I did not criticise Labour Party Marxists for being in the party and fighting to democratise the party. Indeed I support Marxists in the party who seek to do this. You don’t have to be a Marxist to support any progressive cause Marxists are fighting for.

What I argue is that Marxism has misled communists into believing that modern capitalism was made possible by the circulation of money - or M-C-M, as Marx called it. It is necessary to point out that all the money and labour in the world would not result in a modern industrial society without the energy content available in fossil fuels. The 19th century, money-centred view on the development of capitalism, which is shared by Marxism, is obsolete from a scientific perspective. This does not mean that Marx’s analysis of the circulation process was not brilliant.

As for the question of the democratic rule of the people on the basis of socialism, why call this rule a dictatorship, as Marx did - incorrectly, in my view? There is no such thing as a dictatorship without a dictator and, as Lenin pointed out, this means rule unrestrained by any law. And we all know where this can lead.

Certainly, rightwing critics attempt to dismiss Marx. My theme is that Marxism undermines the struggle for socialism.

Tony Clark

Labour supporter

Left turn

Left Unity faces a stark choice that will show if it has a political future. It has to decide between making a right turn to embrace the Labour Party or a left turn and build an alliance with Rise - the new party being launched in Scotland. Given the spirit of the 1945 Labour government provided much inspiration for Left Unity, then the impact of the Corbyn movement is obviously pulling LU rightwards into a liquidationist whirlpool.

Jack Conrad was reported in the Weekly Worker as saying that Left Unity’s prospects “had been negatively affected by the changes in Labour. Instead of joining a left organisation built around left Labour politics, people could now choose the real thing - and were doing so in droves” (‘Left Unity and its future’, October 22). So far, so good. But this is exactly the problem and the CPGB’s answer is to go back to 1920. Jack wants Left Unity to become the Communist Party of Great Britain (“adopt principled Marxist politics”) and follow Lenin’s advice of seeking affiliation to the Labour Party.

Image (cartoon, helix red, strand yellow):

Left Unity was set up as a united front of social democrats (or democratic socialists) and communists - the name is a recognition of this. It became no more than an embryonic version of a new type of party, a militant party of the working class. It was never intended to be a ‘broad church’ party, like Labour, or a revolutionary ‘Stalinist-Trotskyist’ party, like the CPGB, Workers Revolutionary Party, Socialist Party or Socialist Workers Party.

Left Unity had a political choice: either adopt the ideology of Labourism or republican socialism; and hence the programme of the social monarchy or the social republic. It was a forgone conclusion that LU would embrace the default position of the left in England, captured in Ken Loach’s Spirit of 45. In the epoch of New Labour this seemed like common sense. Yet adopting Labourism as glue for this kind of party was always a flawed perspective.

Before dismissing Left Unity, we should recognise that it was, in the face of New Labour politics, a light in the dark night, a hope in a time of despair. Now the sun has come up and nobody will see this candle, when sunglasses seem more appropriate. But it has shown that a social democratic-communist party is possible, not least because it has an openly declared and constitutionally legitimate Communist Platform. All this is in danger of being blown away unless LU makes a strategic ‘left turn’.